My offer letter said "web designer." At the time, two and a half years ago, I protested. "I'm not a web designer. Just 'designer' is fine." Here I was, brought into a fledgling startup as the fourth employee, tasked with designing a product with zero product design experience. Designing and building websites by utilizing a lot of trial and error. Making user experience decisions based on my gut. And so far, hey, it's worked out.
So now that I've designed a platform that's used (and loved) by over 400 brands, would I call myself a product designer or interactive designer? No. It still feels weird to me. And that's because...here's my secret...I've been faking it the entire time.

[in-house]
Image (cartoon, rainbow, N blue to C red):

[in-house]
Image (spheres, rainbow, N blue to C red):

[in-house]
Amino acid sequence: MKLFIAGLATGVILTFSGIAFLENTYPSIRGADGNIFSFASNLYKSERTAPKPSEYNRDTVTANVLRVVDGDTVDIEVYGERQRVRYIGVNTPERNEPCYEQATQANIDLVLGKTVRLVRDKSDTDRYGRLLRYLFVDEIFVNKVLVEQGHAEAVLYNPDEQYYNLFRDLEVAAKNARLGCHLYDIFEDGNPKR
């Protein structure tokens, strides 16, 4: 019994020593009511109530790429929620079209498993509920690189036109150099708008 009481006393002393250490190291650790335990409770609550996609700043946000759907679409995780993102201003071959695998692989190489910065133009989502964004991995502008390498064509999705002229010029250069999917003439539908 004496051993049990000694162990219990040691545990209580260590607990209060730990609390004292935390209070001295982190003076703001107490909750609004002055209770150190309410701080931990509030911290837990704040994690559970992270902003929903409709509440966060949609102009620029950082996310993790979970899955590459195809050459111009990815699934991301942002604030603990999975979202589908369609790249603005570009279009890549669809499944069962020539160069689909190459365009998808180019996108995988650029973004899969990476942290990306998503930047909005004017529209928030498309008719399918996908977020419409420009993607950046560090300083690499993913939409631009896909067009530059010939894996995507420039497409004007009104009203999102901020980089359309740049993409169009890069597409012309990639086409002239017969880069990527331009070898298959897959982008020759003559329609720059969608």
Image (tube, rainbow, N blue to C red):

But when does faking something turn into actually doing something?
I read this great article yesterday about how creative people feel "impostor syndrome," and it resonated with me. I've been waiting this entire time for someone to call me out. "You're not a REAL designer! You're just pretending! Boooo! BOOOOOOO!" And then tomatoes get thrown at my face.
How many years do I have to be doing this before I can confidently label myself? What books or articles can I read? What classes can I take? When will I finally feel like I've reached the "make it" part? Judging by the self-esteem issues I've endured my entire life, I can comfortably say, "never."
As I prepare to attend a conference tomorrow attended by some of the best, most talented product designers, whom I admire greatly, I feel the nerves churning in my tummy, awaiting that first tomato.
My only comfort comes in the fact that maybe, just maybe, everyone else is a phony too.